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Highly Accessed Comment

Astrogenomics: big data, old problems, old solutions?

Aaron Golden12*, S George Djorgovski34 and John M Greally12

Author affiliations

1 Center for Epigenomics, Department of Genetics, Albert Einstein College of Medicine, Bronx, NY 10461, USA

2 Division of Computational Genetics, Department of Genetics, Albert Einstein College of Medicine, Bronx, NY 10461, USA

3 Center for Advanced Computing Research, California Institute of Technology, Pasadena, CA 91125, USA

4 Department of Astronomy, California Institute of Technology, Pasadena, CA 91125, USA

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Citation and License

Genome Biology 2013, 14:129  doi:10.1186/gb-2013-14-8-129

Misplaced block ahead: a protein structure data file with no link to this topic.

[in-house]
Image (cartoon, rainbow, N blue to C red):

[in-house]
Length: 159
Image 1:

Published: 13 August 2013

First paragraph (this article has no abstract)

The ominous warnings of a data deluge in the life sciences from high-throughput DNA sequencing data are being supplanted by a second deluge, of clich├ęs bemoaning our collective scientific fate unless we address the genomic data tsunami. It is imperative that we explore the many facets of the genome, not just sequence but also transcriptional and epigenetic variability, integrating these observations in order to attain a genuine understanding of how genes function, towards a goal of genomics-based personalized medicine. Determining any individual's genomic properties requires comparison to many others, sifting out the specific from the trends, requiring access to the many in order to yield information relevant to the few. This is the central big data challenge in genomics that still requires some sort of resolution. Is there a practical, feasible way of directly connecting the scientific community to this data universe?